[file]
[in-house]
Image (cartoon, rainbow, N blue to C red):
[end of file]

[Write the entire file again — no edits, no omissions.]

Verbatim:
[in-house]
Image (cartoon, rainbow, N blue to C red):